Once you’re set, hit OK and then do the same for your other audio input. At the end, if Stereo Mix is unavailable, all you have to do is set it as your default device and you should be okay to go!
Now, fire up Audacity and go to Edit > Preferences > Devices.
Under Recoding, choose Stereo Mix as the device. If you decided to go Mono, you can adjust the Channels down to 1 here, too. Lastly, click on Quality in the left pane.
The Default Sample Rate must match or exceed your settings from Windows sound properties.
Click OK and then record away!
This process essentially lets all of the devices you want to record play through your Stereo Mix channel, which then gets recorded into a single track. If you get an error about making sure your recoding device is properly configured, make sure Stereo Mix isn’t listed as “unavailable” under your Windows’ Recording Devices above and your sample rates match.
Using Multitrack Studio
If you don’t have stereo mix available, but you do have your OS recognizing multiple inputs, you may want to give Multitrack Studio a try. There’s a free demo available which limits you to three simultaneous tracks, but it works really well. If you’re on Linux, Audacity should work better natively with multiple inputs, so long as you’re using ALSA. You can also give Jokosher a try, as well as Muse. If Audacity isn’t cutting it on your OS X rig, your best bet is probably GarageBand.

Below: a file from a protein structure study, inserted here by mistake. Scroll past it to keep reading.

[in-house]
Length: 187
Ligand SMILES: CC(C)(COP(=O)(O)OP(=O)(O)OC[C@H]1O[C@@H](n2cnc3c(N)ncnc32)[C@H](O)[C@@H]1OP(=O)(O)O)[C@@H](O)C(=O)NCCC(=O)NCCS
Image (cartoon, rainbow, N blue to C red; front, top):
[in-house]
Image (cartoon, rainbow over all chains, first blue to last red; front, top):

Download the Multitrack Studio demo, install it, and start it up. Click the Add Track button and select Audio Track…
You’ll see a properties pane pop up.
Give the track a name and switch the settings to Stereo and MP3 if necessary. Repeat the process, so that you have two tracks in the main window. Then, click on Studio > Devices…
Here, you need to choose a proper driver set.
Stick with the default VistaSound and click Properties.
Here, you should be able to choose the proper Audio In devices. On my particular setup, it would only allow me to choose one at a time, but if you’re using a USB device as well, you should be able to choose two.
When you’re done, click OK twice to get back to the main screen. In order to record, you’ll have to flip each track’s record button on.
When they’re both red, you’re good to go. You’ll now be able to see the levels for each track move in response to the audio. In the upper-right corner, click the red Play button to record.
You can click the EDIT button on the right side of each track panel to bring down the waveform and make edits if you need after you’re done. You can also just export the audio files to Audacity and edit them there.
Everybody doesn’t have fancy audio equipment, but with some luck and tweaking your configurations a bit, you’ll be able to record better from your existing rig. This is also a great way to record cheaply if you run your own podcast, without having to spend a lot of money on a separate mixer/preamp.
Know a better way to record from multiple sources? Used nicer multitrack recording software? Share your know-how in the comments!
Yatri Trivedi is a monk-like geek. When he's not overdosing on meditation and geek news of all kinds, he's hacking and tweaking something, often while mumbling in 4 or 5 other languages.
- Published 04/28/11